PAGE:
I'm not sure why I decided it would be a good idea to build my own medium format camera from scratch, but last year, prior to our Northmoor artist gathering I began with a couple of cardboard boxes, a lens from a pair of Victorian binoculars and some greaseproof paper. This was proper 'Blue Peter' style scratch building, but from these initial tests I worked out what I actually needed to construct and what skills I would need to produce analogue photographs.
A year on and it's good to think back to these initial experiments and the excitement of an image revealing itself, reversed and upside down on the makeshift paper viewing plate. The potential of creating something which would take me back to the very beginnings of photography was alluring. This was a process so removed from today's digital images it felt like new ground, new territory for me to explore.
My initial idea was to investigate the wet plate collodion process, a technique pioneered in early photography by making a glass or metal plate light sensitive with silver nitrate. But the technology was only able to work whilst the plate was wet, which in practice is about twenty minutes. All the steps from pouring the collodion onto the glass and making the glass light sensitive, right through to developing and fixing, not to mention taking the actual photograph itself, needed to happen inside this window. It was obvious that, simple as the process was, the infrastructure needed beyond the camera was very evidently essential. It was also plain that I had none of the above not even a cupboard for a darkroom, I'd have to make the lot and skill up as I went along.
So, the making would be problematic, the chemistry confusing, the processes confounding, and the photographs elusive. But now a year on, I have a tidy little folio of photos from those generous enough to sit for me, in the off chance that I might just capture a likeness.
A week or so ago I took a picture of Catrina Davies, author of Home Sick and Once Upon a Ravens Nest. I suggested that if we were lucky then perhaps, one of the two photos we would try to capture may come out. Her reply was 'Why wouldn't they, what could go wrong?'. That stumped me for a moment as the answer is actually quite a lot!
When I do manage to capture an image, it is even more precious for the jeopardy of this journey and the battered fractured pictures, with light leaks and corrosive grain, chemical faults and haunting ghostly faces are even more alluring to me than ever before. The camera I have made and the old analogue processes required seem to reach deeper into the subject somehow. But interestingly, if I stripped away all these aberrations and faults to achieve the perfect image then I may as well have just gone digital from the start.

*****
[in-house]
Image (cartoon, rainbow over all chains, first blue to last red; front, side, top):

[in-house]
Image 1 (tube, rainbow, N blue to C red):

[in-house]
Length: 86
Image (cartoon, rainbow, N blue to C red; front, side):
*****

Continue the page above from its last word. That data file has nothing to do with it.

Just prior to this session with Catrina I took my camera and darkroom to Dartington Hall for the Byline Festival with Unbound. I was there for just one day of the three but able to capture images of Jay Griffiths, Martin Shaw and Tamsin Abbott pictured below, all with direct positive paper in the camera. This is similar in sensitivity to the wet plate process but much easier to handle in the field. It was the first proper outing for me and exciting to be more public and performative in some respects with the process.
These direct positives prints are an essential step on the path to my real goal, the wet plate collodion process, and last week I was able to work with the eminent photographer Nicky Thompson investigating this very technique. Over the two day workshop we cleaned and sensitised glass plates in silver nitrate and then exposed them with her large format camera. We then developed and fixed the plates, the latter of these processes is the most enjoyable as the image reveals itself out of a smudgy cloud of chemicals outside the darkroom for all to see. This makes the reveal of the image a far more social event as all present lean in as the image to emerges.
Day two was focused on my scratch built camera, and seeing whether it could actually work with wet plates (and the chemistry I'd bought). By the end of the day we had several plates by my camera which was no small feat, the final ones with my chemistry as well. My time with Nicky was brilliant - a truly unique experience, made all the more worthwhile since I can now apply these skills going forward.
I will still be popping the direct positive paper in my slide boxes, as there is still much for me to achieve here, plus it's not as smelly or toxic as the collodion. We will be heading to our creative artist retreat again this autumn where I will be turning my hand to the collodion process in more depth and making more glass plates. But before then, as authors and artists visit Seven Fables I might ask them to sit for me, just for a short time, and perhaps, if I am lucky, catch an image of their soul.
For the very first soul glimmers from Christopher's camera do take a read, peek here